The University of Tokyo held the workshop on supernova at Hyper-Kamiokande. Hyper-K is designed to be a multipurpose detector to study topics such as neutrino oscillations, proton decay and supernova neutrinos. This workshop focused on the potential of Hyper-K to study neutrinos from supernova, with some attention to those from other astrological sources. The wide variety of physics topics on the agenda proved the great potential of Hyper-K. In particular, the vast size of the detector would yield impressive statistical power, making it a leading experiment in the study of supernova neutrinos.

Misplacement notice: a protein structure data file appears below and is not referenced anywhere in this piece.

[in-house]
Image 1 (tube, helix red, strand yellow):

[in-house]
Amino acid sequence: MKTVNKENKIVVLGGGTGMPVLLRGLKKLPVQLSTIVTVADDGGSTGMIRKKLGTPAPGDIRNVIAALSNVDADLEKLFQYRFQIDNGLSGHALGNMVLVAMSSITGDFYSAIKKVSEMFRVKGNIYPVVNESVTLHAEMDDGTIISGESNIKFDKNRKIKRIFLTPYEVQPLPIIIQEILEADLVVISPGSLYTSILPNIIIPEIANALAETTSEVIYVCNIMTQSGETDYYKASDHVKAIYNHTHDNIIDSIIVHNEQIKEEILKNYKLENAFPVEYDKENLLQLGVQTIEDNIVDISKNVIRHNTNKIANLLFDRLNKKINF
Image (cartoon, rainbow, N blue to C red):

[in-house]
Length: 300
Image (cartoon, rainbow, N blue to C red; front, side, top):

The event successfully marked 30 years since the detection of 1987A supernova neutrinos (2002 Nobel Prize) by the Kamiokande-II and IMB experiments. The original tape containing the Kamiokande-II data was brought the workshop. In addition to this, the IMB detector event displays were presented and participants were treated to memorial lectures on key historic supernova neutrino observations.